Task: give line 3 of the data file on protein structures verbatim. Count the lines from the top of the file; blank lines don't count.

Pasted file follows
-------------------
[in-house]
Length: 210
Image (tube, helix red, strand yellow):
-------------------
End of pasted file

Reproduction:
Image (tube, helix red, strand yellow):